Machaut, Guillaume de

Machaut, Guillaume de
or Guillaume de Machault

born с 1300, Machault, France
died 1377, Reims

French poet and composer.

After possibly receiving a university education and taking holy orders, he traveled throughout Europe as secretary to the king of Bohemia. He was appointed canon of Reims cathedral in 1337. After the king's death, Machaut was supported by several royal patrons, including the duke de Berry, and King Charles V. Beside 14 narrative poems incorporating short lyrics, he wrote more than 400 separate lyric poems. He wrote dozens of musical compositions in each of the genres of formes fixes. He also composed the first complete setting of the mass for four voices, and he was the outstanding figure of the Ars Nova. His poetry is noted chiefly for its technical innovations. Geoffrey Chaucer's Book of the Duchesse shows the influence of Machaut.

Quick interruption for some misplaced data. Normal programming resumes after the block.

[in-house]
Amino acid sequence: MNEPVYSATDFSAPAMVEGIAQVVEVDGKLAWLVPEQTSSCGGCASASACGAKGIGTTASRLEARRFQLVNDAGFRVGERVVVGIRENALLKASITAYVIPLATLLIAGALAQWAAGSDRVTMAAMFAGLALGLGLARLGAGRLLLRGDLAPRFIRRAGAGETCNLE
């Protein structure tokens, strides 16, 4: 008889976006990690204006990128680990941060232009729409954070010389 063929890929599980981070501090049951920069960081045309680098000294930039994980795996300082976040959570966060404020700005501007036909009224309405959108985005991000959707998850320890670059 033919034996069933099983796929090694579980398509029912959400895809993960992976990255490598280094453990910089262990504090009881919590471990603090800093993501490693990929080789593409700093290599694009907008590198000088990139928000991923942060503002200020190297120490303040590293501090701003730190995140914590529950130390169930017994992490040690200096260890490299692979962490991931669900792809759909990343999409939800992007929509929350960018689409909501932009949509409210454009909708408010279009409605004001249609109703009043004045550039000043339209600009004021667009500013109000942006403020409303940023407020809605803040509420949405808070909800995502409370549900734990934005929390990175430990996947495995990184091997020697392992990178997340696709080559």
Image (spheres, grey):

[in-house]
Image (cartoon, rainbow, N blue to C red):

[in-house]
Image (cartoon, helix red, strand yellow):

Guillaume de Machaut, detail of a miniature from Oeuvres de Guillaume de Machaut, ...

Courtesy of the Bibliotheque Nationale, Paris

* * *

▪ French poet and musician
Machaut also spelled  Machault  
born c. 1300, , Machault, Fr.
died 1377, Reims
 French poet and musician, greatly admired by contemporaries as a master of French versification and regarded as one of the leading French composers of the Ars Nova (q.v.) musical style of the 14th century. It is on his shorter poems and his musical compositions that his reputation rests. He was the last great poet in France to think of the lyric and its musical setting as a single entity.

      He took holy orders and in 1323 entered the service of John of Luxembourg, king of Bohemia, whom he accompanied on his wars as chaplain and secretary. He was rewarded for this service by his appointment in 1337 as canon of Reims cathedral. After the King's death, he found another protector in the King's daughter, Bonne of Luxembourg, wife of the future king John II of France, and in 1349 in Charles II, king of Navarre. Honours and patronage continued to be lavished by kings and princes on Machaut at Reims until his death.